If you currently get Universal Credit, you could see a boost to your benefits from next April. This is because the ‘taper rate’ is set to fall from 65% to 63%. Chancellor Philip Hammond announced the move in last month’s Autumn Statement.
But what does this mean and how likely it is to affect your benefits? And, more importantly, will you actually end up with any more money in your pocket after the change? Let’s take you through what this could mean for you.
What is the taper rate?
The Universal Credit taper rate is the amount you lose when you start to earn over a certain amount. When you claim Universal Credit, you’ll have a work allowance. If you earn over this threshold in any given month, you’ll lose a percentage of your Universal Credit. This percentage is the taper rate.
The current taper rate for Universal Credit is 65%. This means that for every £1 you earn over your work allowance, you’ll lose 65p of your Universal Credit.
You can put this in real-world terms with an example. Let’s say your work allowance is £397 a month – this is the amount you’ll get if you’re responsible for a child and you don’t get help with housing costs in your Universal Credit. If you earn £500 a month after tax, this is £103 over your work allowance. This means you’ll lose almost £67 a month from your Universal Credit.
What will change?
From April 2017, the Universal Credit taper rate will fall to 63%. So instead of losing 65p for every £1 you earn over the threshold, you’ll lose 63p instead. The reason for this change is so that people on Universal Credit will consider taking on work. It’s also as part of Prime Minister Teresa May’s pledge to help out the ‘JAMs’ – those families who are ‘just about managing’.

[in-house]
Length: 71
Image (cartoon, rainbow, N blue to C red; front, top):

If we look at the example again, you’d now lose just under £65 a month under the new rules. That means that you’d be nearly £25 better off over 12 months.
Will it affect you?
It’s always good when a tax change means more money in your pocket but experts think the reduced taper rate won’t make much difference to the poorest in society. Hannah Maundrell of Money.co.uk says the cut to the Universal Credit taper rate ‘won’t be a silver bullet that saves the day’.
One campaigner from the Child Poverty Action Group said ‘just-managing families have already taken a big hit from previously announced cuts’. From April, some families will see changes to what they can claim from child tax credits. This cut will mean you can only claim child tax credits for your first two children – you can’t claim for any extra children born after April 2017. If this change affects you, it’s likely to outweigh any benefit from the Universal Credit taper rate.